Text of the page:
Role of the p75 neurotrophin receptor in the developing cerebellum

Project Details


? DESCRIPTION (provided by applicant): Regulation of proliferation, differentiation, and migration of neural progenitor cells is critical for the normal development of the nervous system. Many factors can influence these events, including the neurotrophin family of factors. These processes have been extensively studied in cerebellar granule cell progenitors (GCP), the most abundant cell type in the brain, which undergo much of their development postnatally. GCPs proliferate in external granule layer (EGL), a transient layer of the cerebellum, and migrate internally to form the internal granule layer (IGL). In the external part of the EGL these cells proliferate, while in the internal part of the EGL the cells exit the cell cycle and start to migrae toward the inside of the developing cerebellum. The p75 neurotrophin receptor (p75NTR) is highly expressed in the EGL during development of the cerebellum, and is absent once the cells begin to migrate. The function of p75NTR in this developing neuronal population has not been defined. Our preliminary data demonstrate that this receptor promotes withdrawal from the cell cycle and inhibits migration, and mice lacking this receptor show increased markers of proliferation, delayed cell cycle exit, and an enlarged cerebellum. We propose that p75NTR plays a crucial role in regulating the timing of the transition of granule cell progenitors from a proliferating to a migrating population. The p75NTR-/- mice have structural deficits in the adult cerebellum, and our preliminary data indicate that adult mice lacking p75NTR in the EGL during development show deficits in motor behavior, suggesting that modulation of these developmental events have long-lasting consequences in the adult. Thus, we expect to define novel roles for p75NTR in the developing brain that have long-term consequences for cerebellar structure and function.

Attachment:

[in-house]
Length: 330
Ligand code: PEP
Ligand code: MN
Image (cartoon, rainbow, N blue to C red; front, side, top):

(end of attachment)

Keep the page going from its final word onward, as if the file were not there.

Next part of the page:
Effective start/end date12/15/1512/14/18


  • National Institute of Neurological Disorders and Stroke: $387,500.00


  • Cell Biology


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